Racial difference is a constant, even unremarkable presence in city life — as simple as the way that, as you walk from one neighborhood to another, you’re aware of whether or not you “belong.” Racial differences, though, aren’t always cause for wariness or unease. Often, they’re invigorating. In The Cosmopolitan Canopy: Race and Civility in Everyday Life, the Yale sociologist Elijah Anderson writes about those parts of the American city that allow “complete strangers to observe and appreciate one another” across racial barriers. Anderson calls these spaces “cosmopolitan canopies,” and says they let ordinary people become amateur anthropologists, watching and, eventually, reaching out to people of whom they’d be more wary in other places. His broader question: can we encourage the growth of cosmopolitan canopies? Or do they only grow from the bottom up?
Anderson’s book is focused on Philadelphia, and starts with a walking tour of that city from a racial point of view: he takes in the Philadelphia equivalents of Back Bay, Downtown Crossing, Faneuil Hall, and South Station. Walking through Philly’s neighborhoods, Anderson writes, often means having “a pervasive wariness towards strangers,” created by the feeling that each neighborhood “belongs” to one group or another. By and large, this proprietary feeling is the rule. But scattered throughout the city there are oases of cosmopolitanism — places characterized by “acceptance of the space as belonging to all kinds of people.”
In fact, in such places cosmopolitanism is part of what draws a crowd: people enjoy meeting and watching other people who are different from themselves. Anderson looks in detail at Philadelphia’s Reading Terminal, a huge, enclosed food court, shopping area, and grocery market where “no one group claims priority.” At Reading Terminal, Amish farmers mingle with white, Asian, Hispanic, and African-American shopkeepers, restauranteurs, and customers — in fact, everyone’s smooshed together and forced to interact by the crowds. There’s a pervasive atmosphere of trust, openness, and curiosity, and, in interviews with Reading regulars, Anderson finds that many people very consciously approach the Market as a place where they can be racially open. They enjoy “watching the show” put on by the diverse crowd, and enjoy experimenting with a more open kind of social life: trying strange food, striking up casual conversations with different kinds of people, and playing a part in a self-consciously open society. This isn’t about self-congratulation — it’s about a relaxation of the emotionally costly social guardedness that one must uphold the rest of the time.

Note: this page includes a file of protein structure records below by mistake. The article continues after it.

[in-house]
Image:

Why do cosmopolitan canopies like Reading Terminal work? (Anderson points to many others: parks, transportation hubs, sports stadiums, even the Whole Foods.) These are safe spaces, separate from the street, made warm and intimate by a shared experience — food, shopping, travel, cheering on a team. But there’s also an intangible ingredient: a mood, Anderson writes, of “civility” that allows people “to stretch themselves mentally, emotionally, and socially,” and to develop “the growing social sophistication that allows diverse urban people to get along.” Because they’re so hard to replicate, Anderson argues, they ought to be treasured and protected — and those of us who enjoy them ought to treat them “not as ‘time out’ from normal life but as a model for what social relationships could become.” That’s how cosmopolitanism spreads.